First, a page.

Feeling the effects of Tax Reform

“Oh I love tax season,” Said no one ever!

On the first day of 2018, I jogged and after doing that looked to a bakeshop to get some Gatorade. The attendant informed me that prices have increased – but I was already expecting it. As I was heading back home I passed by some sari-sari stores with some softdrinks delivery person talking with the store owners about tax reform.

I was startled at first but was happy that people are actively immersed in the impacts of a law as well as discussing about their finances. This was the biggest surprise to me. I was eavesdropping a bit and they were discussing that it should take some time for the full implementation since old stocks (fuel, flavored drinks) should still be consumed before adjustments in the prices (transport, meals) are affected.

More on Income Tax Implementation:

Effective January 1, 2018, changes were implemented related to personal income taxes and PhilHealth premium contributions due to the new Tax Reform for Acceleration and Inclusion (TRAIN) law and PhilHealth’s revised contribution scheme, respectively.

Employers and businesses will have to comply with the Bureau of Internal Revenue (BIR) RMC No. 105-2017 entitled Revised Withholding Tax Table on Compensation in line with Republic Act No. 10963, otherwise known as the TRAIN law. The following changes were implemented:

A revised tax table with new income tax brackets and tax rates. Employees who earn up to Php250,000 annually will no longer pay any income tax, while those earning P8 million and above annually will be subject to a higher income tax rate. All other employees will be subject to lower income tax rates.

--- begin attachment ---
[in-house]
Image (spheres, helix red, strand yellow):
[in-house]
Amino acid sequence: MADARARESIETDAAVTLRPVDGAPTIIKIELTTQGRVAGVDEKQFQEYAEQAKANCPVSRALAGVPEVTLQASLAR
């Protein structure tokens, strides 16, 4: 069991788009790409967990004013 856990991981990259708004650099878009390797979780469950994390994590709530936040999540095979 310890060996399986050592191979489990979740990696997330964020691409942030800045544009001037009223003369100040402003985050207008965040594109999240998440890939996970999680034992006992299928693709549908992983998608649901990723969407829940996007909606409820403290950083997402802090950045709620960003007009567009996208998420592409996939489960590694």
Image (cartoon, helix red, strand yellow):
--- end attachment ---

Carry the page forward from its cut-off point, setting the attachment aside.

The revised tax table no longer considers the civil status of the taxpayer with the deletion of personal/additional tax exemptions for single or married individuals, heads of families and those with disabled or PWD (person with disability) dependents.

The tax-free threshold for 13th month pay and other bonuses increased from P82,000 to P90,000. Also, for companies providing fringe benefits to its employees occupying managerial and/or supervisory positions, there is an increase in the fringe benefit tax (FBT) rate from 32 percent to 35 percent effective as well.

For PhilHealth premium contributions, the Philippine Health Insurance Corporation (PHIC) issued Circular No. 2017-0024 to adjust the premium contributions of the employed sector to sustain the National Health Insurance Program (NHIP).

Beginning January 2018, PhilHealth monthly premium contributions, which are excluded from gross taxable compensation income, will increase from 2.5 percent to 2.75  percent of an employee’s monthly basic salary, based on a salary floor of P10,000 and ceiling of P40,000 (existing salary brackets had been removed). Contributions will remain equally divided between employee and employer.

Lastly, the deadline for filing the Quarterly Income Tax Return (BIR Form 1701Q) for the first quarter will be moved on or before May 15 of the same taxable year. On another note, for those availing of the installment payment for payment in excess of P2,000, the second installment payment shall be made on or before October 15 following the close of the taxable year.

This should be a very interesting year of adjustments in both people’s behaviors and businesses. I think people are fine paying the taxes provided it is easy and fair, but overall let’s wait and see.

I’m still hoping to have a more easy and automated way of paying and reporting taxes – even though for now it is but a fool’s hope!

Originally Published in Philstar - The Freeman Newspaper last January 16, 2018.
Feeling the effects of Tax Reform Feeling the effects of Tax Reform Reviewed by Vernon Joseph Go on Tuesday, January 16, 2018 Rating: 5

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